This does on reflection, seem to contradict my resolve to withdraw from the GP policy making process, but I think members who were not at Conference should be able to see what is wrong with the debating process, hopefully to avoid fiascoes in the future. Secondly, as I take this forward in other arenas, it will be useful to have it stress-tested.
This is the motion as presented, with minor improvements in [square brackets]:
Motion on Dealing with Dictators
While the Global Index of Human Rights will add a steady, continuous pressure for all countries to improve their human rights, unfolding world events frequently demonstrate the need to restrain dictators who are acting against the interests of their citizens. At present the international response to dictators is ad-hoc, politically driven and inconsistent, depending on whether major powers regard the dictators in question as useful allies or trading partners.
The UN needs to set up a fair, open and pro-active approach to would-be dictators, aimed to dissuade them from progressing towards absolute dictatorships, and rewarding steps taken towards a more democratic and open regime.
This is based on sound psychology. It is well established that the best way to modify unwanted behaviour is to set a consistent and fair framework of punishments for unwanted behaviour and rewards for appropriate behaviour.
Insert new IP 336 and re-number.
The Green Party will press for the UN to set up a framework of international rules of governance that will help all dictators, indeed all rulers, to learn that certain courses of actions will certainly lead to unwanted effects on their freedom to act to the detriment of their citizens.
Specified forms of conduct that indicate a tendency towards dictatorship will be matched with a tariff of targeted sanctions which are applied in a measured, stepwise and consistent basis.
There are a number of identifiable steps on the road to dictatorship. The following examples are advanced as indicators of such a tendency:
1. Electoral fraud
2. Intimidation at the polling booths
3. Ignoring the result of a democratic election
4. Banning critical newspapers and media
5. Banning non-violent opposition parties
6. Imprisoning people for their beliefs
7. Use of torture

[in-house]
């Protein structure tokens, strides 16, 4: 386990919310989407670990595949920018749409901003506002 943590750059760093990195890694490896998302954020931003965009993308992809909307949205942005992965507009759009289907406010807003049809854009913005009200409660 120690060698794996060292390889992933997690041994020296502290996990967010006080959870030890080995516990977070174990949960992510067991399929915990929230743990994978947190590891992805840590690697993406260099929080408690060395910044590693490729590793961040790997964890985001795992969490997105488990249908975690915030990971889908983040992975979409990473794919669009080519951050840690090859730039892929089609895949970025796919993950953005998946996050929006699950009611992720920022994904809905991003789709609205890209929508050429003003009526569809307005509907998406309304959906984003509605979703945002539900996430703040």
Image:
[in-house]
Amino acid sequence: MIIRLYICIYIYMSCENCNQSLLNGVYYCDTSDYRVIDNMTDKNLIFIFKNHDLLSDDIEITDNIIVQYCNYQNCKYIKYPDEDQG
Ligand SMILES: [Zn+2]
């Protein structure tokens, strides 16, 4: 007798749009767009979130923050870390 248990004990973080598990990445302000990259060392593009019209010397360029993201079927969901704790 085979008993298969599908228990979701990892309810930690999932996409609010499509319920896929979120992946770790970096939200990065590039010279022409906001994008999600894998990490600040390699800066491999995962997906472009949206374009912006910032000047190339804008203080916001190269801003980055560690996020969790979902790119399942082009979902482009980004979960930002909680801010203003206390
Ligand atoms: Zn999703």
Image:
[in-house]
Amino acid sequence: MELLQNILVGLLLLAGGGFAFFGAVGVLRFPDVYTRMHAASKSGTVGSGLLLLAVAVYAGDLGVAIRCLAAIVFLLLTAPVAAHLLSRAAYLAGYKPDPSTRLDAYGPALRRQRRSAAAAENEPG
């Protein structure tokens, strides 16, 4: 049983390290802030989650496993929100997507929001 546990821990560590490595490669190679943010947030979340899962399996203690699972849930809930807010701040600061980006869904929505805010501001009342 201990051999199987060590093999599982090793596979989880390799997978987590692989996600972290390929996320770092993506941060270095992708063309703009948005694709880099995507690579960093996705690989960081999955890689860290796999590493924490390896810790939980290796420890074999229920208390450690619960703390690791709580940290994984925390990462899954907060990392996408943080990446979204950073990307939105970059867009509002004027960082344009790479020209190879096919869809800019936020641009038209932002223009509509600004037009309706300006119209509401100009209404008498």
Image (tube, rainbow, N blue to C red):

8. Violent suppression of peaceful demonstrators
9. Lavish expenditure on palaces for the dictator
10. Disproportionate spending on arms
11. Oppression of minorities
Each of these steps will be legally defined, and the question of whether the regime in question has committed them will be tested in a timely way in an international court.
IP338 Each step, or constellation of steps, will have a specific sanction attached to it. The targeted sanctions applied will be made appropriate to the specific case, will be recommended by the international court of law, and will be subject to ratification by the UNSC.
Examples of the tariff of sanctions are:
1. At the mildest level, increased intensity and frequency of inspections by UN rapporteurs will take place, and the regime will be offered education in the ways and advantages of democracy.
2. [Next,] tightening up of border [(customs)] controls.
3. Banning [of] opposition parties [may] lead to financial support to non-violent opposition parties whose aims are judged to be helpful to the welfare of the people of the country.
4. Ignoring the result of a democratic election [may] result in a ban in foreign travel for members of the regime.
5. Use of political imprisonment and torture could result in the regime being denied eligibility to serve on appropriate UN councils, for example, the Human Rights Council .
6. Lavish expenditure on palaces for the dictator could result in sanctions against the import of luxury goods.
7. Violent suppression of minorities and peaceful demonstrations will result in freezing of financial assets of the regime.